default local DNS caching name server

William Brown william at
Mon Apr 14 15:01:30 UTC 2014

> >> unbound does not really care about transparent proxy's on port 53. As
> >> long as they don't break DNS (and DNSSEC). If they redirect port 53 to
> >> some broken DNS server, unbound will try to work around it. If port 53
> >> is broken it will attempt DNS over port 80 of various fedoraproject DNS
> >> servers, or DNS over TLS on port 443.
> >
> > How do you setup DNS over TLS?
> Unbound has this capability already build in. unbound-control activates
> via (currently via dnssec-triggerd, in the future via NM) using the
> keywords tcp-upstream or ssl-upstream.

I meant for say bind, but okay. 

> > It's not as much the case, which makes me happier, but I want to know
> > the conditions on which you decide a DNS server is "dodgy" or not.
> For a detailed list you will have to check the source code. But it
> includes thing like DNSSEC records, proper wildcard NSEC(3) records,
> CNAME support, EDNS0 support, packet sizes, etc. The known bugs in older
> versions of common DNS software. Cases the IETF actually experienced in
> the wild.

IE, If I have an out of box bind9 setup with a few zones, or even 100s
of zones, these cases should never be triggered. I would hate to see the
"dodgy DNS" check giving a false positive on networks that are actually
sane ... Such checks need to be conservative in their triggers IMO. 

> >>> * If a forwarder exists on the network, unbound uses it for all queries.
> >>
> >> Yes, but not for open wifi. Only for physical wire and secured wifi.
> >
> > Okay. Can this point be made clear on the proposal page? Also the
> > conditions for Physical wire, and secured wifi?
> Yes, we can do that.


> > okay, but lets combine these two points. My ISP mucks with the TTL of
> > some website from say 300 to 30000000. Unbound would respect this to
> > that amount, or to the TTL max (Which is still 86400 iirc). If you
> > aren't flushing the cache between networks you could end up with:
> >
> > * Suboptimal routes causing a poor user experience.
> > * Incorrect cached zone data moving between networks with different DNS
> > views of the world.
> If we believe that artificial increase of TTL is a common manglement, we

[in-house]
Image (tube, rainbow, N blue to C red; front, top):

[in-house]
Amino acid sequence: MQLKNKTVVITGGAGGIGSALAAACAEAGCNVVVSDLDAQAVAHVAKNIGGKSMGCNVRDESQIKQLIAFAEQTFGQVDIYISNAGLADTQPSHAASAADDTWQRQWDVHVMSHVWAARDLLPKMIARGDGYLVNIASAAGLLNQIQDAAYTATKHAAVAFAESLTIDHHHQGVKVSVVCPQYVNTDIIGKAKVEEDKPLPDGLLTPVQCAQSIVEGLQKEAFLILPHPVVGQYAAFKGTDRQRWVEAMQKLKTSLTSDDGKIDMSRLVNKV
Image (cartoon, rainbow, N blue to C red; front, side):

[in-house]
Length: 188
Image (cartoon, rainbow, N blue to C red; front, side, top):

> can have dnssec-trigger (or the NM integrated version of that) check for
> such mangling. I'm reluctant to try and solve every _imaginable_ problem
> out there. If your ISPs badness causes suboptimal routes, than that's
> not the end of the world, and you have your ISP to blame. One ISP
> shouldn't be responsible for every fedora user flushing caches all the
> time. Let's deal with this problem when we actually find it is a real
> world problem.

It actually is quite common from certain Australian ISPs .... especially
the "cheap" ones (You get what you pay for ... )

Even if we ignore the TTL mangling, the first issue of incorrect cached
zone data moving between networks is a real world issue IMO. As
previously mention, split view business networks. I believe you have
said this is solved by flushing "." forwarder between networks that are

> > * On an open (Insecure) access point, unbound bypasses the local
> > forwarder, except for names listed in the single valued attribute
> > "options domain-name"  from dhcp
> No, we cannot do that. As I said, a rogue hotspot could give the
> domain-name "" to fool me into thinking I'm connecting
> to my internal corporate network. We cannot automatically insert those
> forwards on open wifi, unless the user manually performs an override.

Okay, This is another point to make clear on the wiki. I thought this
was what you were saying was the case on open wifi.

> > * On a secure network (Encrypted wifi, lan) unbound will use the
> > forwarders as provided by DHCP.